• As would be appreciated by those skilled in the art, most, if not all, of the engines that were developed for use in World War II aircraft are not suitable for use in modern light and ultralight airplanes due to their large size, weight, and power. Specifically, most modern light and ultralight aircraft that rely on an internal combustion engine for propulsion fall into the category of privately-owned aircraft. Typically, these aircraft are small (by comparison with a commercial jet aircraft) and are designed to accommodate one or more persons. As such, these aircraft are not suited to accept the engines designed for World War II fighters, bombers, and other aircraft for the simple reason that the engines developed during World War II were enormous in size, by comparison with their counterparts that are manufactured and sold for the private aircraft market. As would be appreciated by those skilled in the art, World War II vintage engines would occupy the space available in most modern offices. These engines, as mentioned, are quite large and heavy, and produce too much horsepower for light and ultralight aircraft.
  • To reduce weight, most light and ultralight aircraft engines are typically air cooled, although like the V-1710, a few have been liquid cooled. Air cooled engines utilize the cool air of the aircraft's environment to provide cooling to the engine so that the engine does not overheat. However, a sudden drop in altitude can create a condition known as shock cooling which can cause the engine block to crack. For an aircraft powered by an air-cooled engine, to heat the passenger cabin, heat is typically transferred from an area adjacent to the exhaust system. In particular, as would be appreciated by those skilled in the art, to heat the cabin of an aircraft, manufacturers build a metal box around a portion of the exhaust system and pass ambient air through the metal box before introducing the heated air to the passenger cabin.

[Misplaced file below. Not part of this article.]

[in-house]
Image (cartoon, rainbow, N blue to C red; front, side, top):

• One unfortunate side-effect of this design is that, if the exhaust system is not perfectly maintained, leaking carbon monoxide (CO) can become entrained in the heated air before being vented into the passenger cabin. If the CO concentration becomes too high, the pilot and passengers may suffer from anoxia, which could have disastrous consequences, especially if the pilot and passengers loose consciousness during flight.
  • Although liquid cooled engines can prevent shock cooling, and can provide heat to the passenger cabin without the danger of carbon monoxide poisoning, liquid cooled engines are typically heavier than air cooled engines because of the addition of a radiator and liquid to provide the cooling medium.